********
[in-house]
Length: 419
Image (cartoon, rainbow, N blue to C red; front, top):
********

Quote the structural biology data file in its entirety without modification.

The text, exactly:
[in-house]
Length: 419
Image (cartoon, rainbow, N blue to C red; front, top):